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Foreign Capital and Economic Growth


Eswar S. Prasad


Cornell University - Dyson School of Applied Economics and Management; Cornell University - Department of Economics; Brookings Institution; NBER; Institute for the Study of Labor (IZA)

Raghuram G. Rajan


University of Chicago - Booth School of Business; International Monetary Fund (IMF); National Bureau of Economic Research (NBER)

Arvind Subramanian


International Monetary Fund (IMF); Center for Global Development

November 2007

NBER Working Paper No. w13619

Abstract:     
We document the recent phenomenon of "uphill" flows of capital from nonindustrial to industrial countries and analyze whether this pattern of capital flows has hurt growth in nonindustrial economies that export capital. Surprisingly, we find that there is a positive correlation between current account balances and growth among nonindustrial countries, implying that a reduced reliance on foreign capital is associated with higher growth. This result is weaker when we use panel data rather than cross-sectional averages over long periods of time, but in no case do we find any evidence that an increase in foreign capital inflows directly boosts growth. What explains these results, which are contrary to the predictions of conventional theoretical models? We provide some evidence that even successful developing countries have limited absorptive capacity for foreign resources, either because their financial markets are underdeveloped, or because their economies are prone to overvaluation caused by rapid capital inflows.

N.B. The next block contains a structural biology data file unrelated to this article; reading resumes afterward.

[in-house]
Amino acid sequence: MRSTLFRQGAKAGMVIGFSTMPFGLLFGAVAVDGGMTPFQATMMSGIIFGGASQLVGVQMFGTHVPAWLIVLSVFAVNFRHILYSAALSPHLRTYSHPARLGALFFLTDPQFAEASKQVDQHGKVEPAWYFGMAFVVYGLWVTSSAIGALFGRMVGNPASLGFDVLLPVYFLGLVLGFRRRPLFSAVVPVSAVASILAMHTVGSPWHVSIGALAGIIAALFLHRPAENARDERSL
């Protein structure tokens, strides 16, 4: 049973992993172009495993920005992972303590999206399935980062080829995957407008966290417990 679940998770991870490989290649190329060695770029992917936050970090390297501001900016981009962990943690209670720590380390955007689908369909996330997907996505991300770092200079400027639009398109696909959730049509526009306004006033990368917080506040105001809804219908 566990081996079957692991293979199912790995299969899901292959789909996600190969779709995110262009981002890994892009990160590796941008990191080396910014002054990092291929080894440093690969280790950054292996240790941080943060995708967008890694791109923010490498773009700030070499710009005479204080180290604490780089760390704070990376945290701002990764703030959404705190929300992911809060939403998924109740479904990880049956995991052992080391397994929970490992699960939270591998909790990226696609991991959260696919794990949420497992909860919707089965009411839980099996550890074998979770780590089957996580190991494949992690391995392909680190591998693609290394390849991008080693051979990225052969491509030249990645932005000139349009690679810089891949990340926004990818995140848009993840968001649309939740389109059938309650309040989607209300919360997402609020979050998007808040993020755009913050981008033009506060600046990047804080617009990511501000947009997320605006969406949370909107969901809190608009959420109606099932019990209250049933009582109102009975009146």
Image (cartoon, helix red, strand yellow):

Number of Pages in PDF File: 64

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Date posted: November 29, 2007  

Suggested Citation

Prasad, Eswar S. and Rajan, Raghuram G. and Subramanian, Arvind, Foreign Capital and Economic Growth (November 2007). NBER Working Paper No. w13619. Available at SSRN: http://ssrn.com/abstract=1033745

Contact Information

Eswar S. Prasad
Cornell University - Dyson School of Applied Economics and Management ( email )
440 Warren Hall
Ithaca, NY 14853
United States
HOME PAGE: http://prasad.aem.cornell.edu
Cornell University - Department of Economics ( email )
414 Uris Hall
Ithaca, NY 14853-7601
United States
Brookings Institution ( email )
1775 Massachusetts Ave, NW
Washington, DC 20036
United States
NBER ( email )
1050 Massachusetts Avenue
Cambridge, MA 02138
United States
Institute for the Study of Labor (IZA)
P.O. Box 7240
Bonn, D-53072
Germany
Raghuram G. Rajan (Contact Author)
University of Chicago - Booth School of Business ( email )
5807 S. Woodlawn Avenue
Chicago, IL 60637
United States
773-702-4437 (Phone)
773-702-0458 (Fax)
International Monetary Fund (IMF) ( email )
700 19th Street NW
Washington, DC 20431
United States
National Bureau of Economic Research (NBER)
1050 Massachusetts Avenue
Cambridge, MA 02138
United States
773-702-9299 (Phone)
773-702-0458 (Fax)
Arvind Subramanian
International Monetary Fund (IMF) ( email )
700 19th Street NW
Washington, DC 20431
United States
Center for Global Development
2055 L St. NW
5th floor
Washington, DC 20036
United States
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